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Simple and sound advice

In the business of law, there’s no substitute for being prepared. Just ask veteran Santa Ana trial attorney Daniel Callahan.

by steve churmPublished: August 01, 2011

In this upside-down economy, where uncertainty is often the order of the business day, going back to basics to find stability and growth is a strategy many executives and business owners have adopted. The expression I hear more and more from those in corner offices is, “Let’s get back to blocking and tackling.”
Truth is, there is no substitute for quality products and superior service. Build a great product with value for the consumer and 
offer unwavering support and service, and you have an equation for success in any economic climate. If a company delivers on both counts, it can be competitive – if not an industry leader. It’s basic, like blocking and tackling in football. Many firms in all industries pay lip service to the importance of those two tenets but never follow through. When that happens, the outcome is not pretty.
This explains, in large part, the success of attorney Daniel Callahan, one of Orange County’s top business litigators. Since he began practicing law in this county some 30 years ago, Callahan has done the little things that have delivered big results. By sticking to the basics, he’s amassed an impressive resume: He was twice named top trial lawyer of the year in Orange County and once in California; he’s been named one of the top 100 trial lawyers in the U.S.; he received the highest jury verdict in Orange County history at $934 million; and he won the highest personal-injury settlement ever, at $50 million, against the city of Dana Point.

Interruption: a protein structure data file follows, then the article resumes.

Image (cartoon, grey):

His secret to success in one of the most competitive and crowded professions: preparation.
“It comes down to really one thing,” he said recently in the quiet of his high-rise Santa Ana office overlooking the 55 Freeway. “You have to be prepared. See those binders? I will read every one of them because if I don’t, I won’t be ready. This industry has changed significantly. But what hasn’t is the need to be ready for trial.”
Within arm’s reach of Callahan was a metal cart with three rows of thick black notebooks containing transcripts from depositions for an upcoming case. “To be honest, I don’t like the prep work. But you have to do it. It’s the part of the craft that hasn’t changed.”
What has evolved in today’s courtroom is leveraging the speed, efficiency and impact of technology to tell a story, particularly in front of a jury. The use of PowerPoint, video and even the Web are visually influential tools that Callahan and his firm of 30 attorneys have been employing to try cases for several years.
“If a picture is worth a thousand words, then a video done right is worth a million,” Callahan said.
But part of the challenge for trial lawyers today is the higher expectation brought on by fictional TV and movie accounts about law and science when it comes to solving crimes and settling cases.
“Jurors have smartphones, iPads and access to all manner of technology, and their expectation is that we have it, too, and can use it, just like our counterparts on TV, to do our job.”
When it works, Callahan said, it can be a game changer. But if a device malfunctions or the presentation fails to load, a case can be won or lost at that moment.
“It’s why I always take a consultant to run my equipment in the courtroom.”
That’s blocking and tackling at its best.